Bill Bissett: 5G revolution could be game-changer for region
Among the goals of the West Virginia Chamber’s recent business summit was to inform and educate each other — elected officials, business leaders, nonprofit advocates, educators and others — about the many benefits of our great state and future opportunities that are possible when we work together to achieve positive outcomes.
During the summit, I led a panel discussion about the importance of broadband — including mobile broadband — to all West Virginians today and in the future. We heard from national experts on wireless broadband, legislators and other state officials. The message was clear: Smart public policies, including targeted funding and more modern state rules, will help us leverage and attract private sector investment to strengthen and expand broadband connectivity across the Mountain State.
The wireless penetration rate in West Virginia is higher than 100 percent. Put another way, there are more wireless connections than people. And, around half of West Virginia residents live in wireless-only households.
As we all know, West Virginians are using their devices for more than just talking and texting. They’re connecting with healthcare professionals across the state or across the country, using for teaching and learning and even watching their favorite shows or games on mobile devices. This increased usage — combined with the emerging technologies such as 5G, which is expected to bring connections that are as much as 100 times faster than those available today — require the installation of newer technology called small cells.
5G wireless is not simply an improved version of what we have now, but is a quantum leap into the future of wireless broadband. This technology will make possible smart city applications, virtual reality-based job training, fully functional autonomous vehicles and many other advancements that will change the way we live. The equipment that will make this possible can be added to utility poles, buildings and other structures, and will boost wireless coverage and capacity today, plus lay the foundation for future exponential growth. Government rules, however, have not kept up with changes in technology. Local communities often follow the process that’s in place for approving large cell towers. For this reason, we need new rules for this new technology.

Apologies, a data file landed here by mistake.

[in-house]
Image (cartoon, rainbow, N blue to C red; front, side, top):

Last session, the West Virginia House of Delegates approved, by a 97-2 margin, a measure that would have modernized the rules for installing small cells by streamlining the application process, addressing fee structures and setting deadlines for approval of applications. The 2018 legislative session concluded before the Senate could tackle this vitally important issue.
As we look ahead to the next legislative session, we need to move quickly on setting state policies to bring more investment in broadband to Huntington and to our state. Doing so will create jobs, boost the economy, inspire innovation and help us keep and attract businesses to West Virginia.
A study by Accenture determined that small cell deployments that lay the foundation for future technologies like 5G will bring approximately $275 billion in investment nationwide during the next seven years, creating jobs and pumping even more opportunity into the U.S. economy. In my hometown of Huntington, the study estimates that 5G may create more than 400 jobs and increase GDP by at least $73 million. That will be a much-needed game changer for Huntington and West Virginia that we should all support.
Bill Bissett is the president and chief executive officer of the Huntington Regional Chamber of Commerce, which represents more than 550 businesses in Cabell and Wayne Counties.